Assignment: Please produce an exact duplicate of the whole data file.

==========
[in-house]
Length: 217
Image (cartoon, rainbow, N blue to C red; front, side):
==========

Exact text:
[in-house]
Length: 217
Image (cartoon, rainbow, N blue to C red; front, side):